Updated 2:13 p.m.
President Barack Obama had the legal authority to make recess appointments earlier this month, even though the U.S. Senate was technically still in session, the Justice Department concluded in a legal opinion published today.
The department's Office of Legal Counsel opinion, dated Jan. 6, said periodic pro forma sessions in which no business is conducted do not strip the president's power to bypass the Senate in making appointments.
“In this context, the President therefore has discretion to conclude that the Senate is unavailable to perform its advise-and-consent function and to exercise his power to make recess appointments,” Assistant Attorney General Virginia Seitz said in the 23-page memo.
Seitz said the Senate “could remove the basis for the President’s exercise of his recess appointment authority by remaining continuously in session and being available to receive and act on nominations, but it cannot do so by providing for pro forma sessions at which no business is to be conducted.”
The Senate, Seitz said, does not “uniformly appear to consider its recess broken by pre-set pro forma sessions.” Pro forma sessions, she said, typically last only a few seconds. Republican critics contend a recess must be longer than three days in order for a president to bypass the Senate to make an appointment.
Obama’s Jan. 4 appointment of Richard Cordray to lead the new Consumer Financial Protection Bureau stirred controversy among Republicans, who were opposed to his nomination. The same day Obama installed Cordray, the president also appointed three new members to the National Labor Relations Board.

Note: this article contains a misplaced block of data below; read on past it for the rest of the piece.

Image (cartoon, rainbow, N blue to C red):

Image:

Sen. Chuck Grassley (R-Iowa), the ranking minority member of the Senate Judiciary Committee, said in a statement issued this afternoon that the Justice Department's opinion is "unconvincing."
"Its conclusion is at odds with the text of the Constitution and the administration’s own previous statements," Grassley said. "It fundamentally alters the careful separation of powers between the executive and legislative branches that the framers crafted in the Constitution."
Seitz said there’s little judicial guidance addressing the ability of a president to make an intrasession recess appointment. “Due to this limited judicial authority, we cannot predict with certainty how courts will react to challenges of appointments made during intrasession recesses, particularly short ones,” Seitz said.
Cordray has agreed to testify Jan. 24 at the House Committee on Oversight and Government Reform, where the legality of his appointment is likely to be discussed.
The legal memo said “the longstanding views of the Executive and Legislative Branches support the conclusion that the President may make recess appointments when he determines that, as a practical matter, the Senate is not available to give advice and consent to executive nominations."
Seitz said allowing the Senate to "prevent" the president from making recess appointments is inconsistent with the purpose of the Recess Appointments Clause.
"If the Senate can avoid a 'Recess of the Senate' under the Clause by having a single Member 'gavel in' before an empty chamber, then the Senate can preclude the President from making recess appointments even when, as a practical matter, it is unavailable to fulfill its constitutional role in the appointment process for a significant period of time," the OLC memo said.
Republican members of the Senate Judiciary Committee earlier this month wrote to OLC seeking information on what role the section played in advising the White House on Obama's recess appointments.